#                 function Prompt {"[Demo Suspended]`nPS>"}
#                 $host.EnterNestedPrompt()
#             }else
#             {
#                 trap [System.Exception] {Write-Error $_;continue;}
#                 Invoke-Expression $(".{" + $_.SubString(1) + "}| out-host")
#             }
#             $_i -= 1
#          }

      ####################  GO TO
      {$_.StartsWith("#")}
          {
             $_i = [int]($_.SubString(1)) - 1
             continue
          }

      ####################  EXECUTE
      default
          {
             trap [System.Exception] {Write-Error $_;continue;}
             Invoke-Expression $(".{" + $_lines[$_i] + "}| out-host")
			 Write-Host "-- Press Enter to continue --" -BackgroundColor white -ForegroundColor Magenta;
             $_Duration = [DateTime]::Now - $_StartTime
             #X - $Host.UI.RawUI.WindowTitle = "[{0}m, {1}s]    {2}" -f [int]$_Duration.TotalMinutes, `
			 #      [int]$_Duration.Seconds, $($_Lines[$_i])
             #X - [System.Console]::ReadLine()
			 Read-Host;
          }
    } # Switch
  } # for
  ## Next three list to put backl the console default colors and do a clear screen:
  $host.UI.RawUI.ForegroundColor = $defaultForegroundColor;
  $host.UI.RawUI.BackgroundColor = $defaultBackgroundColor;
  cls;
  $_Duration = [DateTime]::Now - $_StartTime
  Write-Host -ForeGroundColor $CommentColor $("<Demo Complete {0} Minutes and {1} Seconds>" `
  	-f [int]$_Duration.TotalMinutes, [int]$_Duration.Seconds)
  Write-Host -ForeGroundColor $CommentColor $([DateTime]::now)
} # function

Please, notice I named the script as “Start-DemoSS.ps1” meaning for StudioShell, still the function will be loaded as “Start-Demo“.

Usage Syntax – To load from script folder location:

.  .\Start-DemoSS.ps1

Usage Syntax – To excute a Demo.txt file:

Start-Demo .\MyDemoScript.txt

What’s inside the demo file? This is a text file containing PowerShell oneliners, and “#” comment lines.

In case you want to try StudioShell: http://studioshell.codeplex.com/

Codeplex StudioShell in SSMS 2012 – Try it!!

If you haven’t yet try it, go ahead download and install this Visual Studio Extension to your SQL Server Management Studio 2012.  This tool will integrate a PowerShell host into your SSMS which you will love for presentations and quick scripts developement from one envirment.  But Yes! this a just a simple host and you’ll find it useful for learning SQL PowerShell.

I will be presenting with this tool in my upcoming webinar with Patrick DeBlanc SQLLunch next week on February 15th “PowerShell Query for the T-SQL Developer” at 11:30am CST / 12:30pm EST.

To download StudioShell, here’s the link: http://studioshell.codeplex.com/

After you install this application, open SSMS,  from the top menu click on “View“, and select “StudioShell“.  Then, you can place this pane anywhere inside your SSMS application.  You can copy/paste t-sql code put remember to import the SQLPS module to have access to your SQL PowerShell commands.

A word of advice! if you venture to go, under ‘Tools | Options“, to change the “Console Choice” to be “Old School“, you will crash your SSMS application when you exit the StudioShell console.  So, DON’T make any changes to your Console Choice options, or you’ll end up loose all your work.

I’m a believer of Tools that can help you be productive, and this one caught my attention.  Please, try it!

Good Job JimChristopher (StudioShell Developer)/@beefarino !!

PowerShell quick list of SQL Users with SysAdmin Role

Here’s a quick way to start getting a list of SQL Server users having “SysAdmin” Role.  Basically, I’m using SQLPS module (now available with SQL Server 2012) which loads all the SMO needed to help you script against your SQL engine.

This script does the following:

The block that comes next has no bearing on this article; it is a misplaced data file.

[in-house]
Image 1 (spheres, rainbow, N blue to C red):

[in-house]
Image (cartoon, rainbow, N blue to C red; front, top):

1. Import the SQLPS Module.
  2. Connect to a SQL Server Instance.
  3. Get the SQL Logins information.
  4. Search for SQL users with “SysAdmin” Role, and builds a customized information in a PSObject.
  5. Export the information to a CSV file.
  6. Open the CSV file, which by default could open an Excel application(if installed on machine).

Here’s the code:

Import-Module SQLPS -disablenamechecking

$SQLSvr = "SQLServername\Instancename";
$MySQL = new-object Microsoft.SqlServer.Management.Smo.Server $SQLSvr;
$SQLLogins = $MySQL.Logins;

$SysAdmins = $null;
$SysAdmins = foreach($SQLUser in $SQLLogins)
{
	foreach($role in $SQLUser.ListMembers())
	{
		if($role -match 'sysadmin')
		{
		    Write-Host "SysAdmins found: $($SQLUser.Name)" -ForegroundColor Yellow;
		    $SQLUser | Select-Object `
		     @{label = "SQLServer"; Expression = {$SQLSvr}}, `
		     @{label = "CurrentDate"; Expression = {(Get-Date).ToString("yyyy-MM-dd")}}, `
		     Name, LoginType, CreateDate, DateLastModified;
		};
	};
};

$SysAdmins | Export-Csv -Path 'C:\temp\SQLSysAdminList.csv' -Force -NoTypeInformation;
ii 'C:\temp\SQLSysAdminList.csv';

Eventually, you could make changes to this scritp to be capable to access a list of SQL Servers and build your custom report.

Bonus:

To add the functionallity to connect to multiple servers, we can add a list of Servers and then using the “Foreach” statement to loop through the list, and with little changes to the previous code.

Here’s how it will look with just adding a few more line of code:

## - Loads SQL Powerhell SMO and commands:
Import-Module SQLPS -disablenamechecking

## - BUild list of Servers manually (this builds an array list):
$SQLServers = "Server01","Server01\InstanceNameA","Server03";
$SysAdmins = $null;
foreach($SQLSvr in $SQLServers)
{

	## - Add Code block:
	$MySQL = new-object Microsoft.SqlServer.Management.Smo.Server $SQLSvr;
	$SQLLogins = $MySQL.Logins;

	$SysAdmins += foreach($SQLUser in $SQLLogins)
	{
		foreach($role in $SQLUser.ListMembers())
		{
			if($role -match 'sysadmin')
			{
			    Write-Host "SysAdmins found: $($SQLUser.Name)" -ForegroundColor Yellow;
			    $SQLUser | Select-Object `
			     @{label = "SQLServer"; Expression = {$SQLSvr}}, `
			     @{label = "CurrentDate"; Expression = {(Get-Date).ToString("yyyy-MM-dd")}}, `
			     Name, LoginType, CreateDate, DateLastModified;
			};
		};
	};
	## - End of Code block

}

## - BUild and open report:
$SysAdmins | Export-Csv -Path 'C:\temp\SQLSysAdminList.csv' -Force -NoTypeInformation;
ii 'C:\temp\SQLSysAdminList.csv';

That’s it!